Hong Kong: Asian markets were lower on Tuesday as traders were given a weak lead from Wall Street, while the dollar stayed at 15-year lows against the yen on expectations of US measures to boost the economy.
The strong yen continued to pressure Japanese stocks as traders sell the greenback ahead of the likely pump-priming, which would effectively flood the economy with dollars.
Tokyo’s Nikkei index fell 0.88% by the break as the yen threatened to break through 82 to the dollar again, after it hit 81.39 on Monday, when Japanese markets were closed for public holiday.
The dollar stood at ¥82.15 in morning trade in Tokyo.
However, the dollar has been given some support by Japanese authorities’ threat to step into the currency markets for a second time to halt the yen’s rise, which hurts the nation’s key export market.
Japanese Finance Minister Yoshihiko Noda, fresh from a weekend meeting with fellow financial chiefs of the Group of Seven nations, said: “I explained to the G-7 that Japan’s previous intervention was aimed at curbing excessive appreciation in the yen that could hurt the Japanese economy.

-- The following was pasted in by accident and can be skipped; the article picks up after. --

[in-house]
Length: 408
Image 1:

“G-7 members reconfirmed that volatile foreign exchange market moves have a negative impact on the economy and financial markets,” Noda said.
Japan stepped into the currency markets on 15 September for the first time since 2004 to weaken the yen and help safeguard a fragile economic recovery.
Masayoshi Yano, senior market analyst at Meiwa Securities, told Dow Jones Newswires: “If the government does not carry out intervention after the dollar falls (again) below ¥82, the dollar may break below 80.”
Regional markets were given little encouragement from Wall Street, where the Dow ended flat as dealers began considering what type of monetary easing measures the US Federal Reserve would take at its policy meeting next month.
Sydney plunged 1.28%, Hong Kong and Shanghai were both 0.11% down, Seoul fell 0.92% and Singapore slipped 0.10%. The losses also came a day after the region chalked up healthy gains.
Mark Smith, economist at ANZ bank in Wellington, said results from Intel, JP Morgan and General Electric due to released this week in the United States were expected to be upbeat.
However, he said “the market is more focused on issues raised by currency (mis)alignments and what shape and form the further (quantitative easing) in early November will take.”
On oil markets New York’s main contract, light sweet crude for delivery in November, was down 63 cents to 81.58 dollars a barrel. Brent North Sea crude for November delivery fell 65 cents to 83.07 dollars a barrel.
Gold opened at 1,351.00-1,352.00 US dollars an ounce in Hong Kong, up from Monday’s close of 1,348.00-1,349.00 dollars.